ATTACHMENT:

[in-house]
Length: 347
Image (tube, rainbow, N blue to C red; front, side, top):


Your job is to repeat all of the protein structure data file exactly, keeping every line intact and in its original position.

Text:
[in-house]
Length: 347
Image (tube, rainbow, N blue to C red; front, side, top):